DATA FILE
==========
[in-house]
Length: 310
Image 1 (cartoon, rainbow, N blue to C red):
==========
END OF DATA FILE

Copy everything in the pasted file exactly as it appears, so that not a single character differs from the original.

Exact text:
[in-house]
Length: 310
Image 1 (cartoon, rainbow, N blue to C red):